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An anti-GE lobby group today said the law remained inadequate in protecting New Zealand's environmental and economic interests.
A judge has rejected a claim by Mothers against Genetic Engineering (Madge) that Environment Minister Marian Hobbs should have "called in" an application by AgResearch.
Last September AgResearch, the Government's largest science company, was given approval to insert human, rat, mouse and deer genes into cows, in research into genetically engineered (GE) milk products.
Justice Potter, in a judgment released yesterday, said the decision of the Environment Risk Management Authority (Erma) to approve the application was lawful.
Under the Hazardous Substances and New Organisms (HSNO) Act, the minister can step in to decide an application.
The grounds for doing so included an application's economic, environmental, international or health effects, or its effects in areas where Erma lacked sufficient knowledge or experience.
Justice Potter's decision said the way the legislation was written meant it was "clearly not a licence for the minister to become involved in the nuts and bolts of applications".
However, she said Madge had justifiable concerns about the ministry's "informal" processes in performing its functions of advising the minister over the application.
She added that they needed tightening.
The hearing in the High Court at Auckland last month was told that letters went astray and there was no written procedure for "call-in" reviews.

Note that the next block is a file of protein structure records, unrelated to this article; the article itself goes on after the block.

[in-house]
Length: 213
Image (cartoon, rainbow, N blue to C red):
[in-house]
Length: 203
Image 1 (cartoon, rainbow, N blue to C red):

Madge's legal spokeswoman, Kate Woodd, said Justice's Potter's criticisms came as little surprise.
But Madge was disappointed the judge had not backed its contention that the last two stages of the AgResearch experiment amounted to a "field test", rather than just "development" work as under the application.
"We think she has dodged the issue as to whether or not the definition of 'development' means anything more than simply the genetic modification of an organism," Ms Woodd said.
"We were asking for a bit of statutory interpretation on what GM is and that has not happened."
Ms Woodd said Justice Potter had taken the view that the matter was one of scientific judgment.
She said the result was that "any decision that Erma makes can effectively be unchallenged for eternity".
The case had so far cost Madge up to $20,000 and whether it went any further would depend in part on whether the organisation could raise more funds, she said.
Meanwhile, Ms Hobbs said the High Court decision backed her interpretation of the call-in option as something "to be taken at the highest level and with considerable thought and care".
"The power to call in an application is not a power I am likely to exercise very often."
Ms Hobbs acknowledged the judgment did not absolve the ministry completely.
Despite that, she said "the advice the ministry gave was appropriate", but she had directed the ministry to formalise its procedures.